Scientists awarded grant for research on mosquito-borne diseases


The Anopheles Mosquito: Scientists explain why it targets some people and spares others


Australian Scientists were on Tuesday awarded 38 million dollars in grant to develop and expand their work to reduce mosquito-borne diseases like dengue and Zika worldwide.

Monash University’s World Mosquito Programme (WMP) takes a novel approach towards combating mosquito-borne diseases, which has gained increased attention following successful trials in the North Australian cities of Cairns and Townsville.

Now the Bill & Melinda Gates Foundation and Welcome Trust have awarded additional funds to the programme, taking the total amount to 134 million dollars to assist in a worldwide rollout.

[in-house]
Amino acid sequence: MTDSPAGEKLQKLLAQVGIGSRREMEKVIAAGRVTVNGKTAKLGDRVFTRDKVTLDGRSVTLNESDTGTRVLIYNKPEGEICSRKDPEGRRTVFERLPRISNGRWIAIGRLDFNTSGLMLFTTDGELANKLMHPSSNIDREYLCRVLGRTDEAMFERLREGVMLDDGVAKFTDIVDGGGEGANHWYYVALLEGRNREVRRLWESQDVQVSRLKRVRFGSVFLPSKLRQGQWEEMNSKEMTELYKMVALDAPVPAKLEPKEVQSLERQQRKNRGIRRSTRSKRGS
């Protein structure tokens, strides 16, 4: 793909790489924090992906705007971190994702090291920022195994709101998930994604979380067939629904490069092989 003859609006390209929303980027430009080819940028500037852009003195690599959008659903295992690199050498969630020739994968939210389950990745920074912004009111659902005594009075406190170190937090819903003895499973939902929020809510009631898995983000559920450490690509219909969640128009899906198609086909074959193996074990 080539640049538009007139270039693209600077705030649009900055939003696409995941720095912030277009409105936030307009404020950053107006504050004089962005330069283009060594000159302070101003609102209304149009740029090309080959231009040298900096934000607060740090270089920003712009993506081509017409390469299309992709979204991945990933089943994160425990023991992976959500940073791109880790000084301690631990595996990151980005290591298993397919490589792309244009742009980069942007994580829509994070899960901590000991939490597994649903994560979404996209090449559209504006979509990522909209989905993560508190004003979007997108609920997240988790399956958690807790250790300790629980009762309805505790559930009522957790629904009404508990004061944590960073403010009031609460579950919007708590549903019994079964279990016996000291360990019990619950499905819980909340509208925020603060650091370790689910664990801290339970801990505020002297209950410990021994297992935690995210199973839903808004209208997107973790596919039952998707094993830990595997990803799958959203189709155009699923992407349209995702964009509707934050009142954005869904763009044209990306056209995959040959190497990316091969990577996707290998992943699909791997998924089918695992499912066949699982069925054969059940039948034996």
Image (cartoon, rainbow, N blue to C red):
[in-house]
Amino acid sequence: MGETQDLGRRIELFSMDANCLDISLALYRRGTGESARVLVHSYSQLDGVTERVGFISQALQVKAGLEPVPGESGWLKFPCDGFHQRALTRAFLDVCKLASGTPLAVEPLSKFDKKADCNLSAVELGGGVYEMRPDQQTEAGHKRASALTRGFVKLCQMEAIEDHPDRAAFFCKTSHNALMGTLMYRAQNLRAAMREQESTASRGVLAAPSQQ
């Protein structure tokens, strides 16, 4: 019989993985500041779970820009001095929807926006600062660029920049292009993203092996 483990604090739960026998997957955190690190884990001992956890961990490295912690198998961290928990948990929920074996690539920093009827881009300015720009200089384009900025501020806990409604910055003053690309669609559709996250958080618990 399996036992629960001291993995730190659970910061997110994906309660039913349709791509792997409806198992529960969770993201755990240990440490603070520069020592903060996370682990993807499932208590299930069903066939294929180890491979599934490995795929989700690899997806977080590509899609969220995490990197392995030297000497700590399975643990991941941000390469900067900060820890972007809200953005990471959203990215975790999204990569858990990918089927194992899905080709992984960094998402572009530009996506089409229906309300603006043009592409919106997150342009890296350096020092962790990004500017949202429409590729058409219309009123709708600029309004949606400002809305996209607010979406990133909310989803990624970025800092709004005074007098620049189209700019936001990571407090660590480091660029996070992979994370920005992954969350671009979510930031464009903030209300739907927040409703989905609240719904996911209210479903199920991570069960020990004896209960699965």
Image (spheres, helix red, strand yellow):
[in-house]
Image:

Counter-intuitively the WMP method actually involves releasing more mosquitoes, infected with a bacteria called Wolbachia, which then spreads to native populations of the insects.

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“What we’ve found is that when mosquitoes have this bacterium inside their bodies the viruses can’t grow inside them, and if they can’t grow, they can’t be transmitted between people,” WMP Director Professor Scott O’Neill said.

Because of the unusual nature of the program, O’Neill believes that both in Australia and abroad it is particularly important to involve communities in the processes of planning, and even deployment.

In recent trials in Townsville, the community was involved in releasing the insects themselves, with packages distributed by the WMP containing mosquito eggs and fish food.

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